Derived from a recent post.
Parachurch organizations have changed the church permanently. This has happened before, when religious orders created a separate hierarchy within the Medieval church, printed books created new networks beginning in 1500, and religious schools and foreign missions boards changed denominational structures in the 19th C. It is not merely that a younger generation tends to get much of its churchy interaction online – that is more a result than a cause. Much of what used to be supplied by the local church is now available elsewhere: preaching, teaching, worship music, study, evangelism opportunity. TV church, beginning about 40 years ago added prayer to that list. Believers could now write to an organization and get people in their prayer rooms to intercede for them. One could call and get some trusted stranger to pray with you over the phone. Community and social needs are met by outside organizations as well – superficially, if one is a only an attendee; more deeply if one is a staff member interacting with those other Christians more frequently.
That leaves Liturgy – still hard to do without physical presence; Sacrament, impossible to do without physical presence (but who knows?); and some aspects of community of greater importance than is realised. Parachurch concentrates people of like-mindedness. This is a path-of-least-resistance type of Christian community in which people of similar age, education, and style will be drawn to each other. Interestingly, this alternative method of segregation has already pretty much overridden ethnic barriers, and may yet be the most powerful force overriding racial barriers.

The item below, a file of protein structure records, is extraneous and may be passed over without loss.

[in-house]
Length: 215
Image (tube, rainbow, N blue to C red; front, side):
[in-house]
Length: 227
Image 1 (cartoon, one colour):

This last may be a net gain. Churches have always been groups of fairly similar people. A rural Romanian Orthodox Church was pretty much entirely made up of Romanian peasants. An urban Roman Catholic Church was nearly always highly ethnic, all congregants descended from immigrants who arrived here in a narrow band of decades, until very recently. This was more subtle, but equally present in the Protestant churches. I think it is a great loss to have the diversity of ages, wealth, origin, and opinion of the last two generations of churches fade away, as I think they are good for us. Yet there are other diversities with value as well. But community is of more value than diversity of any kind. I read with great distress about an Emerging Church of mostly younger people who identified the serious illness of a key member as having had a significant effect on growth of community in their church, was was meeting in nontraditional ways. People, that is called Real Life, and it is a typical week in even a small congregation like ours. I’m glad you found the use of that, but the fact that you considered it unusual illustrates how narrow your self-selection is. People get terribly ill; people die; people lose jobs; people have children that limit their mobility to do cool stuff like have church after lectures at art museums.
The churches without liturgy or sacrament will have the easiest time of developing new structures. Easier at first, I suspect. But the need for physical presence required for those acts of worship forces congregations to be together. I worry that there are deeper levels of community that will become rare. Breadth and distant interconnection of community may prove to be the enemy of depth. I hope not. I can certainly envision community that is actually closer because folks can keep in touch remotely, can share deeply in privacy, and can swarm to meet needs. Yet I worry that the opposite will happen invisibly. People will slip from the group unnoticed, as only the charming and articulate people can claim a place.
The old model has passed, though our current church-going retains much of the appearance of older days. Those appearances are half-deceiving. Though real, they mask the truth that church is already very different from fifty years ago because parachurch structures have created a new web of loyalties